Glyceraldehyde-3-phosphate dehydrogenase (GAPDH) is well-known as one of the key enzymes involved in glycolysis. It catalyzes the reversible oxidative phosphorylation of glyceraldehydes-3-phosphate. Besides functioning as a glycolytic enzyme in cytoplasm, recent evidence suggest that mammalian GAPDH is also involved in a great number of intracellular processes such as membrane fusion, microtubule bundling, phosphotransferase activity, nuclear RNA export, DNA replication and repair. During the last decades many findings have been made concerning the role of GAPDH in different pathologies including prostate cancer progression, programmed neuronal cell death and age-related neuronal diseases such as Alzheimer’s and Huntington’s diseases.
GAPDH molecule is a homotetramer composed of 36 kDa subunits. Thus the molecular weight for the whole molecule is 144 kDa. Since it is constitutively and stably expressed in almost all tissues at high level, GAPDH became a well-established “housekeeping” protein and is widely used as a loading control for protein normalization in such procedures as Western blotting. It is also useful for cells visualizing in microscopy assays. Some physiological factors, such as hypoxia and diabetes, can increase GAPDH expression in certain cell types.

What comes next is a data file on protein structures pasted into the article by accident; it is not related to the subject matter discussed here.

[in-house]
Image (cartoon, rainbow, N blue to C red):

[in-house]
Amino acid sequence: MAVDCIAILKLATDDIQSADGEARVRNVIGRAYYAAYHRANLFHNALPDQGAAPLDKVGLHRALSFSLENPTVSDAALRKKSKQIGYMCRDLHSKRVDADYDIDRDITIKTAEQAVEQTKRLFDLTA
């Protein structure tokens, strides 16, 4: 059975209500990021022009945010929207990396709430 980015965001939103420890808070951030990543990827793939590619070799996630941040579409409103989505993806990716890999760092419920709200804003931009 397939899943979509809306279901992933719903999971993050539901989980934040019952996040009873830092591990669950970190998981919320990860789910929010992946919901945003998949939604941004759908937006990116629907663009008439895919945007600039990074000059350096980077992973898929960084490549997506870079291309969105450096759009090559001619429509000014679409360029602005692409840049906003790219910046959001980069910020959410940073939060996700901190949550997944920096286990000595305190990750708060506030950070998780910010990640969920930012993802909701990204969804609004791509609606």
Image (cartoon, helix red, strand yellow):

Anti-GAPDH monoclonal antibodies developed by HyTest, especially well characterized MAb 6C5, are suitable for GAPDH immunodetection in Western blotting, sandwich immunoassays and immunocytochemical applications.
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